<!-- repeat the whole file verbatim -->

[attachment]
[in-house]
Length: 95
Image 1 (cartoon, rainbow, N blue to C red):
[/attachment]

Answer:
[in-house]
Length: 95
Image 1 (cartoon, rainbow, N blue to C red):